What’s changed: The Red Raiders are actually balanced offensively, running it 138 times the past three games and throwing it 140. That’s compared to 39 runs and 56 passes against Ole Miss. Outrushing Oklahoma State by 96 yards was a statement — it was the first time in seven games that Tech had out-rushed a Big 12 opponent. Freshman quarterback Alan Bowman is good, but the team is better off if he isn’t throwing it 50-plus times per game.
Is it real: If Texas Tech can back up the win in Stillwater by beating undefeated West Virginia Saturday in Lubbock, it may be time to buy in.
What happened in the opener: The Huskies lost a red-zone battle of futility against Auburn in Atlanta, 21-16. It was hardly a discouraging loss beyond the fact that Washington had multiple chances to beat a quality opponent and couldn’t secure the game.
What’s happened since: Washington is 3-0 and 2-0 in the Pac-12, with wins over a pair of solid teams in Utah and Arizona State. Since the opener, the Huskies have allowed just one touchdown drive after the first quarter.
What’s changed: A defense that surrendered 420 yards to Auburn hasn’t given up more than 268 in a game since. Since the Tigers threw the game-winning touchdown pass Sept. 1, Washington has allowed a single TD through the air. Washington also has improved its running production and gotten Myles Gaskin more involved in the offense — he had 17 touches against Auburn, then 33 against Utah and 24 against ASU.
Is it real: Real enough to compete in the Pac-12? Yes. Losing to Auburn was never a sign of major trouble. This still isn’t a high-octane offense, but it probably doesn’t need to be to compete for division and league titles.
Five breakout QBs with eyes on Baker Mayfield's NCAA record
Yahoo Sports national columnist Pat Forde runs down the list five highly efficient quarterbacks with strong starts to the 2018 season.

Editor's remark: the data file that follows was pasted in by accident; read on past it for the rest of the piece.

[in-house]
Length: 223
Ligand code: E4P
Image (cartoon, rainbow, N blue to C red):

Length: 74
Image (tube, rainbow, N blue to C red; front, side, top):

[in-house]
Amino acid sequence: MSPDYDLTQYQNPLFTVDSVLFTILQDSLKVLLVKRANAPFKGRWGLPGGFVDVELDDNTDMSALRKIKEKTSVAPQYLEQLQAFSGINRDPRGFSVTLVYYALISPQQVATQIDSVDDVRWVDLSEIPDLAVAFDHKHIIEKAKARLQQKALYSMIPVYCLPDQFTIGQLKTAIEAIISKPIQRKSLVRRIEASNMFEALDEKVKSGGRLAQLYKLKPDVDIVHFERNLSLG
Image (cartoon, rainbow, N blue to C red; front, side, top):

NEW QBS, BETTER RESULTS
Coaches love nothing more than experience at quarterback, but what if that’s overrated? It’s been a spectacular September for some new (or relatively new) QBs on the scene. Five who are either first-year starters or first-year collegians who are threatening to rewrite the history books at their schools:
Tua Tagovailoa (16), Alabama. Current pass efficiency rating: 230.47, which leads the nation and would destroy the NCAA record of 198.90, set last year by Baker Mayfield. Alabama’s single-season record: Gary Rutledge, 222.36, in 1973. The caveat there: Rutledge threw just 88 passes while operating Bear Bryant’s wishbone offense and sharing time with Richard Todd. The school record for a minimum 100 attempts is AJ McCarron’s 175.28 in 2012. Tagovailoa may not have the three-year body of work that McCarron did as the ‘Bama starter, but he’s launched a great starting argument to be considered Nick Saban’s best quarterback ever.
Dwayne Haskins (17), Ohio State. Current pass efficiency rating: 207.04, which is third nationally and also ahead of Mayfield’s record. Ohio State’s single-season record: J.T. Barrett, 169.8, in 2014 — before Barrett’s passing productivity began to decline. The Buckeyes have wisely shelved Urban Meyer’s long-cherished quarterback run game to focus on Haskins’ passing — he’s run it just 10 times while throwing it 115 times. Haskins is working on a streak of 88 straight passes without an interception.
Kyler Murray (18), Oklahoma. Current pass efficiency rating: 203.01, which also is slightly ahead of Mayfield’s national and school record. Mayfield also has the NCAA single-season record for most yards per attempt with a minimum of 700 passes at 11.5, and Murray currently is clocking in at 11.7. (It’s a star-studded record list: behind Mayfield in 2017 is Michael Vick in 1999 at 11.3, Mayfield in 2016 at 11.1, Ty Detmer in 1989 at 11.1, Robert Griffin III at 10.7 in 2011 and James Winston at 10.6 in 2013. All but Vick won the Heisman Trophy.)
Trevor Lawrence (19), Clemson. Current pass efficiency rating: 191.83. Clemson single-season record: Deshaun Watson’s 188.6 in 2014, when he played just eight games. Lawrence has been backing up Kelly Bryant, but on Monday Dabo Swinney made the inevitable move to his five-star freshman as the starter against Syracuse on Saturday. Lawrence has thrown nine touchdown passes in just 60 attempts, and both those numbers should rise significantly as he assumes greater command of the Tigers’ offense.
Brady White (20), Memphis. Current pass efficiency rating: 189.80. Memphis’ single-season record: The school media guide doesn’t keep track of its all-time leaders in that category, but the record appears to belong to Riley Ferguson last year at 161.18. White transferred in from Arizona State and has raised the bar, at least for the time being, completing 72 percent of his passes with 12 touchdowns and only one interception.